• Ideally, the purpose of discussions with the leader mentor involves self-navigation to a myriad of potential options for improvement. I remember the number of times that professional challenges have been shared with my mentor. He rarely offers immediate advice. Rather, he offers a story filled with insight or expanded learning that parallels my experience. From each story, I have been able to draw conclusions regarding how to navigate difficult territory. This type of interaction is especially appealing as awareness is developed by paying close attention to the parable.

Encourage yourself to perform at a higher level! Allow self-leadership techniques to help build professional skills and watch your team soar to new heights.

Reference: Blanchard, K. (2010). Leading at a higher level. Blanchard on leadership and creating high-performing organizations.

How Do You Work Towards Self Leadership?

If you have ideas that you feel like sharing that might be helpful to readers, share them in the comments section below. Thanks!

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Florida Starks
Florida Starks
Dr. Florida E. Starks is an Area Training Manager at Verizon. With more than 22 years in corporate higher education, her primary objective is managing new hire training, continuing education initiatives, employee on boarding, and enterprise change strategy.
  • Tim Cummuta says:

    Florida great article, how infrequently will we consider that as leaders we need help too. I had to think myself when I had taken the time to reflect on myself. Working with so many others and helping them to develop, you can easily lose track of your own strengths, weaknesses, and skill sets. You suggestions make for an easy routine to develop and maintain one’s own personal success as leaders.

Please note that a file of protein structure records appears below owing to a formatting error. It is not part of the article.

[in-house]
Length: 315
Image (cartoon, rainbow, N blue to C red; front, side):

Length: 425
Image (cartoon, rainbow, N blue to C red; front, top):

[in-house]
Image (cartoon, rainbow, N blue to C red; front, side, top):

• Robert Hilliar says:

    Great article Ms Starks. What comes across is that at the end of the day it is all about mindset. No doubt we can all recall times that when the pressure was on and we had to dig deep within. Invariable when we touch on this emotional stuff our think gets influenced, sometimes good and sometimes bad. I think every leader has those moments and its when the leader resolves this stuff that tremendous growth and development as a leader and a human being can take place.

  • Sofia Matrosova Khalil says:

    Hi Florida,
    your article is very useful.
    I am also a Capella PhD LEH learner.

  • M.S.Kannan says:

    One point I wish to emphasise
    “As Much as Leaders need leaders they need to like them to be successful”. M.S.Kannan.

  • F. E. Starks says:

    Thanks for your thoughtful insights! What fantastic lessons we can draw from each other on such a worthy topic – leadership. Talk again soon 🙂

  • how inspired article and author thanks

  • F. E. Starks says:

    Thanks Hossam! Keep leading 🙂

  • Tony Gharios says:

    great article. You are absolutely correct about self assessment. Over the years, I worked with leaders that consider themselves as leaders but realy are not. They need to possess the basic principles of being a good leader such as being a good listener, a good mentor, and value the people that make them successful.
    The self assessment should be treated like a business plan; keep reviewing and updating.


  • F. E. Starks says:

    Tony – I love the idea of treating the self assessment like a business plan! Thanks! F. E. Starks

  • Mark Graybill says:

    Florida, such a wonderful article! I greatly like and agree with your focus on self-introspection and self-development. I especially like your 3-step plan – I am going to implement it! Thanks!